Achievement/Effort — Job requires establishing and maintaining personally challenging achievement goals and exerting effort toward mastering tasks.
Cooperation — Job requires being pleasant with others on the job and displaying a good-natured, cooperative attitude.
Initiative — Job requires a willingness to take on responsibilities and challenges.

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Work Values

Achievement — Occupations that satisfy this work value are results oriented and allow employees to use their strongest abilities, giving them a feeling of accomplishment. Corresponding needs are Ability Utilization and Achievement.
Support — Occupations that satisfy this work value offer supportive management that stands behind employees. Corresponding needs are Company Policies, Supervision: Human Relations and Supervision: Technical.
Working Conditions — Occupations that satisfy this work value offer job security and good working conditions. Corresponding needs are Activity, Compensation, Independence, Security, Variety and Working Conditions.

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Related Occupations

17-3011.02 Civil Drafters
17-3012.02 Electrical Drafters
17-3013.00 Mechanical Drafters
17-3022.00 Civil Engineering Technicians
17-3023.01 Electronics Engineering Technicians Green Occupation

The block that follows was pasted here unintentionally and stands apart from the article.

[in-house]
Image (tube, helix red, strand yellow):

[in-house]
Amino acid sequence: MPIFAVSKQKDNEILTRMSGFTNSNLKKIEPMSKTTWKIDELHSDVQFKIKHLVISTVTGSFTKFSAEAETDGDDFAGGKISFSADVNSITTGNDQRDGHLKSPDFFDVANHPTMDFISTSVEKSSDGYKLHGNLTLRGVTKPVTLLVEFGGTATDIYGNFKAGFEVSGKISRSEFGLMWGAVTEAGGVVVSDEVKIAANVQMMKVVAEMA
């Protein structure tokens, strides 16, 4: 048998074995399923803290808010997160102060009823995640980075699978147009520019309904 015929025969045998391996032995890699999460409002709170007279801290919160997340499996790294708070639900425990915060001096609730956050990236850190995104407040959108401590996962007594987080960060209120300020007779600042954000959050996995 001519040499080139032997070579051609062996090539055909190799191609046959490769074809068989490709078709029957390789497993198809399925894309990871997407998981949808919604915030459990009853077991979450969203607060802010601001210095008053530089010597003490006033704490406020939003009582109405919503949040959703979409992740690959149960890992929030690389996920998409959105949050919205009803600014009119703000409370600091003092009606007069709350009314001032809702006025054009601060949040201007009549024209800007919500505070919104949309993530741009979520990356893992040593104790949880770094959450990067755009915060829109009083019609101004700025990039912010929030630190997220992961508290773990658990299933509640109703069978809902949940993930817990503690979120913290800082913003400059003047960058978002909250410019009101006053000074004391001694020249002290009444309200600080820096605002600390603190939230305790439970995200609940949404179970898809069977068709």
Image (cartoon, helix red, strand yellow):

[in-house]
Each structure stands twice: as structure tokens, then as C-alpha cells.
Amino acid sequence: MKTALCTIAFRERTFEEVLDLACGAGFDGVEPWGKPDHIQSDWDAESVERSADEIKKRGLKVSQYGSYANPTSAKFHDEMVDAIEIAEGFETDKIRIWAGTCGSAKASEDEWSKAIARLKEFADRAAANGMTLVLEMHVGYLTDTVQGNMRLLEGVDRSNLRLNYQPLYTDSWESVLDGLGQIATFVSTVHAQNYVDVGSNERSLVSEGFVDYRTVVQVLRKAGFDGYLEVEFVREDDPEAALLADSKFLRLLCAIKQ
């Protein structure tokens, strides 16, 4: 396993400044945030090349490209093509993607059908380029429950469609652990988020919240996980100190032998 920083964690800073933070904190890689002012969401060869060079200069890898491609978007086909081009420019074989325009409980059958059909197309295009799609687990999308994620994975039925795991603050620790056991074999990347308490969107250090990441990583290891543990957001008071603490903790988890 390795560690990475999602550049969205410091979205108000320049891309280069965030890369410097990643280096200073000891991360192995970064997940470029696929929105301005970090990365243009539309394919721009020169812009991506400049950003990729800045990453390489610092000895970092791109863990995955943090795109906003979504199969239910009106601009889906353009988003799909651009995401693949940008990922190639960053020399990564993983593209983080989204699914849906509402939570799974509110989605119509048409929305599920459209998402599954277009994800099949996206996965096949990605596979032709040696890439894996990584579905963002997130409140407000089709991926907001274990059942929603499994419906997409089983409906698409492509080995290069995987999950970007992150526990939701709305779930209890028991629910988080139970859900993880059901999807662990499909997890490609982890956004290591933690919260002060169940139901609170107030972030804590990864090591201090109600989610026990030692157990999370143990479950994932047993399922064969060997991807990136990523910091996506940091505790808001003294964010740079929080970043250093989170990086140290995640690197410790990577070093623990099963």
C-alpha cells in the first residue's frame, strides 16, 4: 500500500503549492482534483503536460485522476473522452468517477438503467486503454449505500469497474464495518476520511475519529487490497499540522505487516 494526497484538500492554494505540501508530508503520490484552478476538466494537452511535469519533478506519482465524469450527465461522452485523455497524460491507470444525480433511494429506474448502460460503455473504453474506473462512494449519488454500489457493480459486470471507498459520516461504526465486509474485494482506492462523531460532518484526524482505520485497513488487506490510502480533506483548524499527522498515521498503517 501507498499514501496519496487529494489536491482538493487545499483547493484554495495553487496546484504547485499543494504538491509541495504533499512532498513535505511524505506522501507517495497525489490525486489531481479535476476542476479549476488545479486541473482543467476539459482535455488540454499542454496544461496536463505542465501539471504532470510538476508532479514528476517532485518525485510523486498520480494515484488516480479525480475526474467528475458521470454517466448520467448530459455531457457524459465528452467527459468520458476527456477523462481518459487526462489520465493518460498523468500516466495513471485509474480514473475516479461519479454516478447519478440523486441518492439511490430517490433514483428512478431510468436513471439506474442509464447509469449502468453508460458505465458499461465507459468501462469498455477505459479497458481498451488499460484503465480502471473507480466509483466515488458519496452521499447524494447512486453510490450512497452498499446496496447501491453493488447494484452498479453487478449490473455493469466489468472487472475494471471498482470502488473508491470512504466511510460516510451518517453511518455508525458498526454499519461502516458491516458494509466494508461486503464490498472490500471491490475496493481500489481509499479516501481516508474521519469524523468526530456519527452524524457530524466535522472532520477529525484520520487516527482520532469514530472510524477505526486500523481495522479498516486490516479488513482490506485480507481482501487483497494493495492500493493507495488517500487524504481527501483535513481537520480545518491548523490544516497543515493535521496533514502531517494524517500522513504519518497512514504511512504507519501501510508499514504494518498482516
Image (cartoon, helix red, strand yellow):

17-3031.02 Mapping Technicians
27-1021.00 Commercial and Industrial Designers   Green Occupation Green
27-4032.00 Film and Video Editors
51-5111.00 Prepress Technicians and Workers
51-6092.00 Fabric and Apparel Patternmakers

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Wages & Employment Trends

Median wages data collected from Electrical and Electronics Drafters.
Employment data collected from Electrical and Electronics Drafters.
Industry data collected from Electrical and Electronics Drafters.

Median wages (2013) $27.53 hourly, $57,250 annual
State wages Local Salary Info
 
Employment (2012) 30,000 employees
Projected growth (2012-2022) Average (8% to 14%) Average (8% to 14%)
Projected job openings (2012-2022) 6,800
State trends Employment Trends
 
Top industries (2012)

Source: Bureau of Labor Statistics 2013 wage data external site and 2012-2022 employment projections external site. "Projected growth" represents the estimated change in total employment over the projections period (2012-2022). "Projected job openings" represent openings due to growth and replacement.

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Job Openings on the Web

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Sources of Additional Information

Disclaimer: Sources are listed to provide additional information on related jobs, specialties, and/or industries. Links to non-DOL Internet sites are provided for your convenience and do not constitute an endorsement.